Petitioner Eddy Johnny Roman seeks review of a November 21, 2007 order of the Board of Immigration Appeals affirming the May 17, 2006 decision of Immigration Judge Jeffrey S. Chase finding Roman inadmissible and ordering him removed to the Dominican Republic. Roman argues, principally, that the Immigration Judge erred in relying on Roman's admissions (through his lawyer) as evidence of a prior conviction establishing his removability. The petition is denied.
Before: JACOBS, Chief Judge, MINER and SOTOMAYOR, Circuit Judges.
Petitioner Eddy Johnny Roman, a native and citizen of the Dominican Republic and a lawful permanent resident of the United States, seeks review of a November 21, 2007 order of the Board of Immigration Appeals ("BIA") affirming the May 17, 2006 decision of Immigration Judge ("IJ") Jeffrey S. Chase finding Roman inadmissible and ordering him removed to the Dominican Republic. In re Eddy Johnny Roman, No. A 40 520 891 (B.I.A. November 21, 2007), aff'g No. A 40 520 891 (Immig. Ct. N.Y. City May 17, 2006). Roman argues that the IJ was prohibited, as a matter of law, from relying entirely on admissions made by Roman (through his lawyer) to establish his removability based on a prior conviction. We conclude that this argument has no merit. Accordingly, the petition is denied.
On or about January 10, 2004, Roman arrived at John F. Kennedy Airport in New York City and applied for admission as a returning lawful permanent resident. The Department of Homeland Security ("DHS") denied Roman admission. On June 5, 2004, DHS served Roman with a Notice to Appear ("NTA") stating that he was inadmissible as an "arriving alien" because he had been convicted of the crime of attempted criminal sale of a controlled substance in the third degree in violation of Section 110/220.39 of the New York State Penal Law. DHS charged Roman with removability under INA § 212(a)(2)(A)(i)(II), which states that "any alien convicted of, or who admits having committed, or who admits committing acts which constitute the essential elements of . . . a violation of . . . any law or regulation of a State . . . relating to a controlled substance" shall be inadmissible and ineligible for entry into the United States. 8 U.S.C. § 1182(a)(2)(A)(i)(II).*fn1
Roman first appeared before an IJ on March 30, 2005. At that hearing, Roman's attorney stated that "we admit allegations one through three, and the basis for charge of removal." At Roman's next appearance, on July 27, 2005, his attorney requested and was granted a six-month continuance to afford time to pursue a state court order vacating Roman's conviction.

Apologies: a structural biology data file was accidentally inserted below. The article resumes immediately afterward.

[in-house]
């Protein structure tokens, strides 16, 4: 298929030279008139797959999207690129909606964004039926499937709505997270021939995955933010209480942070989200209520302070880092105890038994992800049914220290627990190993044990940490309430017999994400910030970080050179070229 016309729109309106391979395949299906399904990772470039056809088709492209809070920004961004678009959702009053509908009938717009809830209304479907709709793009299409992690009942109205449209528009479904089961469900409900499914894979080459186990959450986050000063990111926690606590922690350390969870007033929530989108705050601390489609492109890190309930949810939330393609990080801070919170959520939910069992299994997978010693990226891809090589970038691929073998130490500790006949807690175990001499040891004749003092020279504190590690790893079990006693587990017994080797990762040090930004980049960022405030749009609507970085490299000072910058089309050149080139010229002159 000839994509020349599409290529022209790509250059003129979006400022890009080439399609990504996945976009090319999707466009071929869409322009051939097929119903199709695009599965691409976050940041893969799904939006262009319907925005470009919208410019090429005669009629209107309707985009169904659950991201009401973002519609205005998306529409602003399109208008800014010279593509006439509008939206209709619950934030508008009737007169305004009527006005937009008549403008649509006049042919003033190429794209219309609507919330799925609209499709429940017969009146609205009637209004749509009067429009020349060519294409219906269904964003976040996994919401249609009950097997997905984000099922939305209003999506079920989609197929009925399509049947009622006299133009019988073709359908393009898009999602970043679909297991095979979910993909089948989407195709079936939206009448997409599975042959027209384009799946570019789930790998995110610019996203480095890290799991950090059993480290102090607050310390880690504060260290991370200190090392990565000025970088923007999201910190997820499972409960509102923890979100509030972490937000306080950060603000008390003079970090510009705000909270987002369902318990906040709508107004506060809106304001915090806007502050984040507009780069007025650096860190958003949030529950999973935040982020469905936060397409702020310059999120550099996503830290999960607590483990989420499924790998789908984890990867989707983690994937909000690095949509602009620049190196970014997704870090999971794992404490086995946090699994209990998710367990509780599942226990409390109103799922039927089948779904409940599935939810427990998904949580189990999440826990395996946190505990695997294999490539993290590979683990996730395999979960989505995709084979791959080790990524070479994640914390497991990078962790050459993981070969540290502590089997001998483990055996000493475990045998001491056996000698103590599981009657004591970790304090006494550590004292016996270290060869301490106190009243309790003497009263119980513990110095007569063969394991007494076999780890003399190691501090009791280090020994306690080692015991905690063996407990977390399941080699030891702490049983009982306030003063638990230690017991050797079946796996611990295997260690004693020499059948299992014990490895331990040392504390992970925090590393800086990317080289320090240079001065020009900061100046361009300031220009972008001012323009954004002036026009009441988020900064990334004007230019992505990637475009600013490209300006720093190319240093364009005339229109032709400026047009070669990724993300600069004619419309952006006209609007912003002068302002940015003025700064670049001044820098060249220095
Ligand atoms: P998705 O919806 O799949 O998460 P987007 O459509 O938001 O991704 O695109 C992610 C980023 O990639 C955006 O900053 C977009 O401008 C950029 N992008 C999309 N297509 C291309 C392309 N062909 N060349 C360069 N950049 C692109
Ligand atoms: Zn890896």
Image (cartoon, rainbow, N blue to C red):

When Roman next appeared before the IJ on January 25, 2006, he explained that the motion to vacate his state conviction was still pending. The IJ granted a continuance for Roman to research whether a ground for cancellation of removal existed.
At Roman's fourth (and final) appearance, on May 17, 2006, Roman's counsel explained that she had researched Roman's attempted criminal sale conviction and concluded that it was an aggravated felony rendering Roman ineligible for relief from removal. The IJ addressed Roman directly and explained that he was entering an order of removal based on Roman's prior conviction, but that Roman could seek to reopen the deportation proceeding if the conviction was subsequently vacated. Roman acknowledged the IJ's statement without objection.
When, as here, the BIA adopts the decision of the IJ and supplements the IJ's decision, this Court reviews the decision of the IJ as supplemented by the BIA. See Yan Chen v. Gonzales, 417 F.3d 268, 271 (2d Cir. 2005). We review the agency's factual findings under the substantial evidence standard, treating them as "conclusive unless any reasonable adjudicator would be compelled to conclude to the contrary."
8 U.S.C. § 1252(b)(4)(B); see, e.g., Shu Wen Sun v. BIA, 510 F.3d 377, 379 (2d Cir. 2007). We review underlying questions of law and the application of law to fact de novo. See Passi v. Mukasey, 535 F.3d 98, 101 (2d Cir. 2008).
Because Roman has been convicted of a controlled-substance offense, we lack jurisdiction to review his petition, except to the extent he presents constitutional claims or questions of law. See 8 U.S.C. § 1252(a)(2)(C)-(D); Xiao Ji Chen v. U.S. Dep't of Justice, 434 F.3d 144, 151 (2d Cir. 2006). Roman raises one legal question: was the IJ prohibited from relying on Roman's own ...